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Equity markets are like a child that can't concentrate and is constantly distracted by the next shiny thing. The difference this year is that markets have been distracted by possible land mines -- not pretty little shiny things.
Since the equity market-highs in the spring, there have been a series of bumps that have put stock prices under pressure. The land mines include: the Japanese earthquake, a series of rate hikes in China and Congressional foot-dragging on raising the U.S. debt-ceiling.
When these issues weren't front page news, Europe has been a perfect place for traders to zero in on the ongoing drama of "we fixed it" announcements followed by "umm, not yet".
The markets gyrated higher, but mostly lower -- with three out of every four sessions since the first of August being triple digit moves for the Dow (half of the S&P/TSX Composite moves have been of a similar magnitude).
But little boys and stock markets have another thing in common. You can only punish a little boy so many times for the same infraction before he figures that you better increase the punishment, or he'll continue to do it.
For stock markets, they too can only react to the same news so many times before it is discounted in share prices and they either a) switch direction or b) dither around until the next event occurs (either positive or negative).
So what's on the horizon?
We have earnings season in U.S. where earnings are expected to be up 13 percent year-over-year. Since 86 companies within the S&P 500 have announced their earnings will come in below expectations and only 33 have provided a positive outlook, the reporting season will likely be a bit choppier than usual.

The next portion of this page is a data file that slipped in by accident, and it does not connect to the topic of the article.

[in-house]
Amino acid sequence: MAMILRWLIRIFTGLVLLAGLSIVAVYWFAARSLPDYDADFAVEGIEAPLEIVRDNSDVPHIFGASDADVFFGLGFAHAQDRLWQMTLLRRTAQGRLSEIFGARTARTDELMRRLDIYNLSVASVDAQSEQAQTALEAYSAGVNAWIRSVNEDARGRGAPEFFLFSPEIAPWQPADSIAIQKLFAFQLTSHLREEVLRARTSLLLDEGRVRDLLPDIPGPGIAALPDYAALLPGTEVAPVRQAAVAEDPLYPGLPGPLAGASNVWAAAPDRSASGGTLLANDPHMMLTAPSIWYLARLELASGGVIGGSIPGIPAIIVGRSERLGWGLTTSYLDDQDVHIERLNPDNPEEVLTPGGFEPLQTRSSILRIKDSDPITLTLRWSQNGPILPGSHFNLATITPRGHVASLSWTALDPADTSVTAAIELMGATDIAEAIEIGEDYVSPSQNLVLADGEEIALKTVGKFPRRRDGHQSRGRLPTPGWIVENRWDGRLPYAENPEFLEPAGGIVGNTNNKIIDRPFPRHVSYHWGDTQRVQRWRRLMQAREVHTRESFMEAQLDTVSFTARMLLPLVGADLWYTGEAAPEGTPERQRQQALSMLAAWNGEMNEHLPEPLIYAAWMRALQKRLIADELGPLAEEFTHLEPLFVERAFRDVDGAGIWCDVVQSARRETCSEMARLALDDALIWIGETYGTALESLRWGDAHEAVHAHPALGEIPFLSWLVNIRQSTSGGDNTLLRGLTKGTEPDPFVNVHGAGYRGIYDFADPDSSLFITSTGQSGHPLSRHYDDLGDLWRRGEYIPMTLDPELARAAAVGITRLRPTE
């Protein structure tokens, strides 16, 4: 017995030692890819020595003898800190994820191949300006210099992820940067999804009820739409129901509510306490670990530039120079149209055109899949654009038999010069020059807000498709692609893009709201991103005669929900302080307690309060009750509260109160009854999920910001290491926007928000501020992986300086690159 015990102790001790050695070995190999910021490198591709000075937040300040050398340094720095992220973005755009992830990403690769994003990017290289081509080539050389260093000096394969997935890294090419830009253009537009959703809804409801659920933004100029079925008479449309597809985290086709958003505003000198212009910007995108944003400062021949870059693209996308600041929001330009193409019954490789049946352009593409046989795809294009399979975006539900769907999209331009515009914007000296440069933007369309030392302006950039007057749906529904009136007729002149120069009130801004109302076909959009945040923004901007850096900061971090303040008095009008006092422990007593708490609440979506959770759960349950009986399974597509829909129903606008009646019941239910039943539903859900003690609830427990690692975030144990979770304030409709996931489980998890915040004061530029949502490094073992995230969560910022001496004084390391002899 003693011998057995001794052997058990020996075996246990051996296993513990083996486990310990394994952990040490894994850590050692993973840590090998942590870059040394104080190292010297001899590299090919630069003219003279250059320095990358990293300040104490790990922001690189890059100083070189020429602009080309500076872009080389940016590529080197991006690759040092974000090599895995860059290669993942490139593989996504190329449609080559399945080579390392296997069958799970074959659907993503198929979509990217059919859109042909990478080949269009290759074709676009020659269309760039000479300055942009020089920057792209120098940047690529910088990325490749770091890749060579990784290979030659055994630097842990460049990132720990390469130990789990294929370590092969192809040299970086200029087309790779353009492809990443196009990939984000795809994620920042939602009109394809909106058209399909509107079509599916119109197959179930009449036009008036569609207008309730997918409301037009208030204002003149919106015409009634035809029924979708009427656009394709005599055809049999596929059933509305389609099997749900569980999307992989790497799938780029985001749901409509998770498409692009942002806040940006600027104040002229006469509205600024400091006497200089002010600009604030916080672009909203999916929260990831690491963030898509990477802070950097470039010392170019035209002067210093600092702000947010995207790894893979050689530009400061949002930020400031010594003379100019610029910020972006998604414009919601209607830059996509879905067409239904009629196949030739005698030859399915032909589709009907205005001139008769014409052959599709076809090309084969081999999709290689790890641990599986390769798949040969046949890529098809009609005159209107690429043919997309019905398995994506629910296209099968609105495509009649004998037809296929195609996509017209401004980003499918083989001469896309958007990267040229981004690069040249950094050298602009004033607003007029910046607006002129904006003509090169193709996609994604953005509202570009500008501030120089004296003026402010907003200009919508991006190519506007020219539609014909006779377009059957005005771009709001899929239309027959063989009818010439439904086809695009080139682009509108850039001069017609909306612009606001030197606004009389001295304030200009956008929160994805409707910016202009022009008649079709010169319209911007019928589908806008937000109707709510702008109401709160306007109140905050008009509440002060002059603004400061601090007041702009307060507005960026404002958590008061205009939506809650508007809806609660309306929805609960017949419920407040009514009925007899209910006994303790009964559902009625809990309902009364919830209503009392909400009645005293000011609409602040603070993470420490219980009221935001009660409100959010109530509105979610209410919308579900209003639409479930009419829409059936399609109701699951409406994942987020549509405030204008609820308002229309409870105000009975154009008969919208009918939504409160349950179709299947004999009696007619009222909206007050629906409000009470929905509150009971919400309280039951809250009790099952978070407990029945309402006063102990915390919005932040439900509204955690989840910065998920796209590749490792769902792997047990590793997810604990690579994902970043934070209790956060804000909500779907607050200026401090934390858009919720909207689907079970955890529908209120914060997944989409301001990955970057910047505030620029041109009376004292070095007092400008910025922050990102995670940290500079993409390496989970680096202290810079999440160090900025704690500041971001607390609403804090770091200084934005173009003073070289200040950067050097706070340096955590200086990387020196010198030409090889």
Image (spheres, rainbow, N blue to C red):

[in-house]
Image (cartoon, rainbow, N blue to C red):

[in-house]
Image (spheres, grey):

While Europe will remain a focus (October 23rd is the debt crisis summit), traders' attention will come back to the U.S. for the November 23rd deadline of the Super Committee of the U.S. Congress. They are charged with finding an additional $1.5 trillion US in deficit cuts or face the prospect of across the board cuts. This fiscal drag could put further pressure on expectations for growth in 2012.
On a more positive note, the worry of a hard landing in China might get a reprieve as eyes turn towards the country's annual Central Economic Work Conference where Chinese leaders focus on economic plans for the following year. Some argue that after a series of rate and reserve hikes in 2011, authorities won't want to do it again, especially in the face of the coming Year of the Water Dragon, one of the more significant of the Chinese signs.
So the circle will keep turning from Europe to the U.S. to China -- and probably back again. The trick for traders will be to gauge the impact of this merry-go-round on asset prices and whether the latest move is discounted or not. A tough order, but ultimately a profitable one if you get it right.